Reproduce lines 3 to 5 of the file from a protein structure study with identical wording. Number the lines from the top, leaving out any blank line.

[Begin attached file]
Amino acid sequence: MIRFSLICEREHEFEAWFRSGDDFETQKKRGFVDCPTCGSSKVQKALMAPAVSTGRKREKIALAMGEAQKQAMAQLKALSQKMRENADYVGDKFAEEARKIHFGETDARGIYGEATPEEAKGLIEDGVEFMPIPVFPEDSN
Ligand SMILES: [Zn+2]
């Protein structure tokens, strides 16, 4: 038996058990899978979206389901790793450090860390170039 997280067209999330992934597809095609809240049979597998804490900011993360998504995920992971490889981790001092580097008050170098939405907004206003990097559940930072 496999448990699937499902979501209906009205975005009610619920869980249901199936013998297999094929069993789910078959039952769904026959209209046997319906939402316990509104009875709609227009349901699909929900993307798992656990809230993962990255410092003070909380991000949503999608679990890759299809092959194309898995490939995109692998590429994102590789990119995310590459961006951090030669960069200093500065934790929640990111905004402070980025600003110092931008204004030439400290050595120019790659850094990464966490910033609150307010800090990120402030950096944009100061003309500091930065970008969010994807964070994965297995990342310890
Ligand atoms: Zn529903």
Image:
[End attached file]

């Protein structure tokens, strides 16, 4: 038996058990899978979206389901790793450090860390170039 997280067209999330992934597809095609809240049979597998804490900011993360998504995920992971490889981790001092580097008050170098939405907004206003990097559940930072 496999448990699937499902979501209906009205975005009610619920869980249901199936013998297999094929069993789910078959039952769904026959209209046997319906939402316990509104009875709609227009349901699909929900993307798992656990809230993962990255410092003070909380991000949503999608679990890759299809092959194309898995490939995109692998590429994102590789990119995310590459961006951090030669960069200093500065934790929640990111905004402070980025600003110092931008204004030439400290050595120019790659850094990464966490910033609150307010800090990120402030950096944009100061003309500091930065970008969010994807964070994965297995990342310890
Ligand atoms: Zn529903």
Image: